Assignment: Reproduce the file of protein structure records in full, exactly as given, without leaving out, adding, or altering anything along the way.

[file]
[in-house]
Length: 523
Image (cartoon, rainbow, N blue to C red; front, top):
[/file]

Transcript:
[in-house]
Length: 523
Image (cartoon, rainbow, N blue to C red; front, top):